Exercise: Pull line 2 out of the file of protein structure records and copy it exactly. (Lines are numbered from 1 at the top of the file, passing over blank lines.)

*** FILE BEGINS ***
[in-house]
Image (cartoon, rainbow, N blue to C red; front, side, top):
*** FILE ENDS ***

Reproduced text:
Image (cartoon, rainbow, N blue to C red; front, side, top):